Document Type


Publication Date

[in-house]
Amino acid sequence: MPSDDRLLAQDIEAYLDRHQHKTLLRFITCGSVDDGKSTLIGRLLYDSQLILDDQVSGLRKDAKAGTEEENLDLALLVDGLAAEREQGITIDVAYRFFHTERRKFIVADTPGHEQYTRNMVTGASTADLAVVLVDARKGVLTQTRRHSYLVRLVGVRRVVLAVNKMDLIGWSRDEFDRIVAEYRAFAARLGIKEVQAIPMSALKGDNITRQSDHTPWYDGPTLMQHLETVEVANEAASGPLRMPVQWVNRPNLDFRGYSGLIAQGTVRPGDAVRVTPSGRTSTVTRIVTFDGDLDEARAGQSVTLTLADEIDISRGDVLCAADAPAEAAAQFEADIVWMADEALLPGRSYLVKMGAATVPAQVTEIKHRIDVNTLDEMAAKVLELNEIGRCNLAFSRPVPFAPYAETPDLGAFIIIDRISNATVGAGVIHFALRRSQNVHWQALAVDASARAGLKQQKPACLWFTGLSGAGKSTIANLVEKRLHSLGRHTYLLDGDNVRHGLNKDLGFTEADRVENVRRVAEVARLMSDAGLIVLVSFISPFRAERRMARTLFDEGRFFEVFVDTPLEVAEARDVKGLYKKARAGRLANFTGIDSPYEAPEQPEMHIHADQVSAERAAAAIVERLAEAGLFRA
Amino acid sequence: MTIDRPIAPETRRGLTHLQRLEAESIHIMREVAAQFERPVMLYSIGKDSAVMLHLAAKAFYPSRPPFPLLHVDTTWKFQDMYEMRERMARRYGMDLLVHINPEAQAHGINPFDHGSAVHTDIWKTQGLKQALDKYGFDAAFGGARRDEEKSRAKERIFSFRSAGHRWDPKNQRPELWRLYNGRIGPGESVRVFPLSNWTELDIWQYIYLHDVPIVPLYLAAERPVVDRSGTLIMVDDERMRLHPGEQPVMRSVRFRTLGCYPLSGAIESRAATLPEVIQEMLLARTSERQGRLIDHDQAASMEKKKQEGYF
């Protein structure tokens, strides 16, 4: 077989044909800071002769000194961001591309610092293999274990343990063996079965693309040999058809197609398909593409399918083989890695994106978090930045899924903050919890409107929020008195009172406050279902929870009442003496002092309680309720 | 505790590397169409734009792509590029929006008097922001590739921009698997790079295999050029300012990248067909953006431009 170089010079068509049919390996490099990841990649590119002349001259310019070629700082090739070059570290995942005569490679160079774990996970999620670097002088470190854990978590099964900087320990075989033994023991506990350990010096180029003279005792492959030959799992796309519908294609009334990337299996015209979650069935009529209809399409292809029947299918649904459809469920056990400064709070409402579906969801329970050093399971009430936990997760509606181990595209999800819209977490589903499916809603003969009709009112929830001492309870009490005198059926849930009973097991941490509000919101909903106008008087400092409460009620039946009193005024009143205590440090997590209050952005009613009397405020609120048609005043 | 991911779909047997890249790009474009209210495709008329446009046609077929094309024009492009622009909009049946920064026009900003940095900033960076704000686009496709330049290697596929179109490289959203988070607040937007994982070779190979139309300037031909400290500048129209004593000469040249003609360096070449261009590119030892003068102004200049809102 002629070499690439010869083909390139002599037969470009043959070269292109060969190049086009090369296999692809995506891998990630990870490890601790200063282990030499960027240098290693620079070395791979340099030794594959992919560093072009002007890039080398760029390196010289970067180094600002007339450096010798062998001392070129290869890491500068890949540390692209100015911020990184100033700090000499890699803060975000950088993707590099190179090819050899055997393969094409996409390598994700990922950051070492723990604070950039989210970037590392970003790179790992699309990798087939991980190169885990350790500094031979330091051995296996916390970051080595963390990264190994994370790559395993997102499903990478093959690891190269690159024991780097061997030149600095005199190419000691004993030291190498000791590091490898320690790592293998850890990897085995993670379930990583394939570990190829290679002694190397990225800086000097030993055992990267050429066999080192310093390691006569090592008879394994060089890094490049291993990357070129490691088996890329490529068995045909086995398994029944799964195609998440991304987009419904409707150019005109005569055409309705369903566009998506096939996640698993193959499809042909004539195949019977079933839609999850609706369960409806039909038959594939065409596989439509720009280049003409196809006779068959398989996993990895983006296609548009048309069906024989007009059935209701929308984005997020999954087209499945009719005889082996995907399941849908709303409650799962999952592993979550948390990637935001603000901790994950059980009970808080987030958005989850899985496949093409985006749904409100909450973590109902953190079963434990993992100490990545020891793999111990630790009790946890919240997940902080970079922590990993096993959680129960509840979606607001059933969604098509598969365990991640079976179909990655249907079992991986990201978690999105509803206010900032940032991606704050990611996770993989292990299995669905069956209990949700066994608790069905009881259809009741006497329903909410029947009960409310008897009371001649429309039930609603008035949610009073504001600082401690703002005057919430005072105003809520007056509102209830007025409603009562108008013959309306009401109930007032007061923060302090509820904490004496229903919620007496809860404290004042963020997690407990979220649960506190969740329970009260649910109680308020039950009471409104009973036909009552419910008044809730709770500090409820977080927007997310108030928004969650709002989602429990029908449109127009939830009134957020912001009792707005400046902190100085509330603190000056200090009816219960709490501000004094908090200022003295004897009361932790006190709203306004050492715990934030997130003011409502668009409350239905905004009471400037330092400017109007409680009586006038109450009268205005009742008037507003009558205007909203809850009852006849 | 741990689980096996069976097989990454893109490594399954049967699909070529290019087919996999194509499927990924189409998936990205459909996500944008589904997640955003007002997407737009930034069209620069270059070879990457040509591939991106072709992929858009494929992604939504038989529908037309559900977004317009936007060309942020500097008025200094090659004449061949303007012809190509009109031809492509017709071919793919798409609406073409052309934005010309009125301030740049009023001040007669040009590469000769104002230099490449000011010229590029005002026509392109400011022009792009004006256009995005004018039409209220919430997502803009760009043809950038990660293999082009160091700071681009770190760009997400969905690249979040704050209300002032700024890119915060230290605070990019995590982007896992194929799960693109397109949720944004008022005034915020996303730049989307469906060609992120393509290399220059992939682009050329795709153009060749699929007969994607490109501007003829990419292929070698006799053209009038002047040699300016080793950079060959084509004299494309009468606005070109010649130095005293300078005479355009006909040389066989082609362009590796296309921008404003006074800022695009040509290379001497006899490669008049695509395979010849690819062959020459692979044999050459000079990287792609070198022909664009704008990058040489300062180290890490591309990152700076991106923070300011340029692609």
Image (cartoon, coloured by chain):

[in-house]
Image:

Ronald Coase's essay on "The Problem of Social Cost" introduced the world to transaction costs, and the introduction laid the foundation for an ongoing cottage industry in law and economics. And of all the law-and-economics scholarship built on Coase's insights, perhaps the most widely known and influential contribution has been Calabresi and Melamed's discussion of what they called "property rules" and "liability rules."' Those rules and the methodology behind them are our subjects here. We have a number of objectives, the most basic of which is to provide a much needed primer for those students, scholars, and lawyers who are interested but not particularly fluent in the economic analysis of law. Like Coase before them, Calabresi and Melamed figure regularly in the work of the legal academy, but-again like Coase before them-their ideas are not understood as well as they should be, notwithstanding an excellent explanation by Professor Polinsky published some fifteen years ago. Since Polinsky's contributions have been all too routinely ignored, we shall restate several of his central points emphatically. But we also take issue with parts of Polinsky's analysis, and we aim, in any event, to extend his account, and the literature on property rules and liability rules generally, into previously undiscovered territory. In Parts I and II we set out first the background and next the conventional understanding of the "four rules" that figure in the work of Calabresi and Melamed. Then, in Part II, the centerpiece of our discussion, we shift from description to critique and from the familiar to the novel. We question some of the typical thinking about transaction costs, and about "objective" versus "subjective" accounts of reality (as in objective versus subjective damages). We consider the irony in the standard analysis of "extortion" and the paradox of Calabresi and Melamed's so-called rule four of reverse damages. We present a way out of the paradox-namely reverse-reverse damages, or what we prefer to call "the double reverse twist"-and in the course of doing so introduce a "best-chooser" principle that adds a new element to the conventional methodology. We then use the best-chooser principle to show that much that seems strange in our account is in fact familiar, provided one thinks about legal institutions in a sufficiently systematic way. Throughout, we mean to be both constructive and critical, trying to enhance a useful method of legal analysis but at the same time questioning whether the method, rightly understood, entices its practitioners into a game not worth the candle. So there is a tension in our account. It is addressed in the Conclusion.